The jury’s verdict in the Elizabeth Holmes trial had something for everyone: conviction on four counts, a hung jury on three counts, and acquittal on four counts. Casual observers might consider this verdict to be anticlimactic. Since the government is expected to win convictions in white collar cases—it does so about 85% of the time—its victories tend not to stand out. Only Holmes’ acquittal across the board would have been shocking from that perspective.
But, as a former assistant U.S. attorney for the Department of Justice who specializes in white collar crime, however, the Holmes verdict struck me as far from routine.
Powerful Business Figure Held to Account
For one thing, the prosecution’s success in convicting Holmes on four counts of the 11-count indictment—all springing from fraud on investors, the heart of the case—ran counter to widespread pessimism about the government’s ability to hold powerful business figures to account.
Fresh in people’s minds was the aftermath of the 2008 financial crisis, when not a single high-level executive was successfully prosecuted for the disastrous performance of their companies. This despite promises by the DOJ, state attorneys general, and elected officials that heads would roll. The fate of Holmes (who was indicted in 2018, during the Trump administration) showed that such prosecutions could be brought off after all.
Prosecution Cut Through Gender Issues
Also notable was how the prosecution cut through the much-anticipated gender issues surrounding the case. Holmes attempted to exploit these issues, undergoing a makeover for the trial. Changing her appearance, presentation, and even her speaking voice, she sought to become, in the words of one commentator, “the feminine yin to her formerly masculine yang” when she had been CEO of Theranos.
Her new persona seemed to set the stage for her defense that psychological and sexual abuse by her former boyfriend, Ramesh “Sunny” Balwani, the company’s former COO, explained her misdeeds.
In her nearly seven days on the witness stand, however, Holmes never made such a claim; in fact, on direct examination she denied that Balwani ever forced her to tell investors or journalists anything. The most she would say was that Balwani “impacted everything about who I was,” as if the “masculine yang” of her Theranos days—the hands-on competence, air of command, and severe black attire—had not been real.
Under cross-examination, Holmes tended to make vague admissions that downplayed her own agency; thus, when asked about her attempts to quash the Wall Street Journal exposés in late 2015 that spelled the beginning of the end, Holmes allowed: “We really messed up.”
The prosecution did not have to rehabilitate Balwani in order to prove its case and, for the most part, it did not attempt to do so. Instead, it seeded its case in chief with reminders that Holmes was a commanding and independent CEO.
Compelling Government Witness
One compelling government witness was Steven Burd, the former CEO of Safeway. He testified that in 2010 his team negotiated Safeway’s $55 million deal for blood-testing devices “almost exclusively with Holmes,” who did not have counsel present, and that she appeared to be in charge even when Balwani was in the room.
“She never looked over at Sunny to see what he might be thinking,” Burd explained.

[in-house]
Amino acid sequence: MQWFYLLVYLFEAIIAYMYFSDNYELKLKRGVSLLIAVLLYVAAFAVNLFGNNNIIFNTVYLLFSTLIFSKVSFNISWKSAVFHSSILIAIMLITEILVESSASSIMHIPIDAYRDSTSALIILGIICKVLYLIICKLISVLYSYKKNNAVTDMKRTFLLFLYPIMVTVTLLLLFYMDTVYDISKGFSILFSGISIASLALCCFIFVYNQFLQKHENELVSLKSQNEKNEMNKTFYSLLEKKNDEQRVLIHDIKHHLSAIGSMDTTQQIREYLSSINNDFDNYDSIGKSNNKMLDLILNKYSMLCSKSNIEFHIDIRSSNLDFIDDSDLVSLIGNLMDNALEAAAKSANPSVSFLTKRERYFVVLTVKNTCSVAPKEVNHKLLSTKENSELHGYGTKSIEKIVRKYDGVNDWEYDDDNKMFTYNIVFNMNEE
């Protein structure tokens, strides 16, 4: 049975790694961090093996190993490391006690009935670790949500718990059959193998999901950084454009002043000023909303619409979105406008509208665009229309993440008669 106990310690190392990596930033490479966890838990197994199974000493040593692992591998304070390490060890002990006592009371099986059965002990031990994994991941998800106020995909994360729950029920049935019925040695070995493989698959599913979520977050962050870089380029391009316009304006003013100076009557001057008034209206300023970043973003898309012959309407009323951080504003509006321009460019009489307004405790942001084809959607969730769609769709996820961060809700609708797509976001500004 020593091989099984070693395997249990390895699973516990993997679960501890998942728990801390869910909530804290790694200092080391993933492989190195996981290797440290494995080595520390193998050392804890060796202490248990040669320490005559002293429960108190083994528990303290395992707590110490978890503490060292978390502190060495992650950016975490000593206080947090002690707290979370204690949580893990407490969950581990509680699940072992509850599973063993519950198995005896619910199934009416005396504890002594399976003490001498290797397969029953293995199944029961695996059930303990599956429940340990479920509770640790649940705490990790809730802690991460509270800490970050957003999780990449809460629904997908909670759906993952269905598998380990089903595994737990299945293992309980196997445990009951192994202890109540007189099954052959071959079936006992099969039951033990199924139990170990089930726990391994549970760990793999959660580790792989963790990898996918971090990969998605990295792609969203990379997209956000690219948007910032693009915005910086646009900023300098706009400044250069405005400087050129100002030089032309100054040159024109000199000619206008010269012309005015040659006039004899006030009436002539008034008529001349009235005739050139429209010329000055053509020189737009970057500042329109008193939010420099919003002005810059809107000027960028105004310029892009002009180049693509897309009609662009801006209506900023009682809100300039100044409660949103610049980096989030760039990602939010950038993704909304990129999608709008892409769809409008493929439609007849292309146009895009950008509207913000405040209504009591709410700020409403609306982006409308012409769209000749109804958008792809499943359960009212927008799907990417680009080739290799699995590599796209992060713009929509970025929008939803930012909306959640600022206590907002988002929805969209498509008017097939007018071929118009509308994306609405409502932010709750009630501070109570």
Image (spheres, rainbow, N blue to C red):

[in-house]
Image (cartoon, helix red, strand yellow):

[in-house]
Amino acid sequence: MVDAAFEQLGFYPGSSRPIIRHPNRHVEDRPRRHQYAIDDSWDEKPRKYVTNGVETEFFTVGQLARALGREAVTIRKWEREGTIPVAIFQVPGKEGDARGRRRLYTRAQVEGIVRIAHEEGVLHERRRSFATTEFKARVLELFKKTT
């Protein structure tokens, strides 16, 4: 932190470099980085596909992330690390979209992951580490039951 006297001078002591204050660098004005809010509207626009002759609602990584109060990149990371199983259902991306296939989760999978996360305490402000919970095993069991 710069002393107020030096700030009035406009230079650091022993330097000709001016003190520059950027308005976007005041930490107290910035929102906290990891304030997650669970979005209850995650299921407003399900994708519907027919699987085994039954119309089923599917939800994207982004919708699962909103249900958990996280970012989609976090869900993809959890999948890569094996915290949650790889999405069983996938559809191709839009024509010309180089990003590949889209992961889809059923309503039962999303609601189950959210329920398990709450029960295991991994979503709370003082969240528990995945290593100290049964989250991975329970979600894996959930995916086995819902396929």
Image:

By 2012, though, Burd realized that Theranos’ device, despite Holmes’ claims, was “nowhere near” as accurate as laboratory testing, and that Theranos was not close to rolling it out in Safeway stores. A year later, when Burd retired, the deal was dead.
The jury, given the testimony of Burd and other investors, could well have found Holmes guilty of investor fraud without even considering the circumstances of her relationship with Balwani. On the other hand, it is also possible the jury considered the circumstances and decided that Holmes, in blaming Balwani, was trying too hard to change her spots.
Sentencing to Come
The remaining open question is Holmes’ sentence, a date for which has not yet been set. The federal sentencing guidelines for white collar crimes are often honored in the breach; in 2021, most of the sentences imposed for economic crimes were below the relevant guidelines range (which is determined largely on the basis of the victims’ economic loss).
A recent analysis prepared for the Wall Street Journal found that the medium prison term for defendants whose cases were similar to Holmes’ was 16 years. This number is lower than the likely guidelines range in her case, which exceeds 20 years, let alone the maximum sentences for the statutes she violated (wire fraud and conspiracy to commit wire fraud).
Further, a sizable percentage of comparable defendants received prison terms of five years or less, including two who were sentenced to just one year in prison.
Holmes is well positioned to benefit from this tendency toward leniency. She is only 37 years old, has a seven-month-old child, and might credibly argue that she has much to contribute in the future. In addition, she is represented by a leave-no-stone-unturned legal team.
However, a heavily discounted term of imprisonment, one of five years or less, would be truly a surprise in a case that has largely gone the government’s way. When a defendant manages to obtain an acquittal or a hung jury on one or more counts, the impact is frequently negated when she receives a sizable sentence on the remaining counts.
This column does not necessarily reflect the opinion of The Bureau of National Affairs,Inc. or its owners.
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Kevin J. O’Brien is a partner at Ford O’Brien LLP, based in New York City, and a seasoned trial lawyer. He is a former assistant U.S. attorney for the Department of Justice and specializes in white collar criminal defense, commercial, and securities litigation on behalf of plaintiffs and defendants, regulatory enforcement cases, and arbitrations.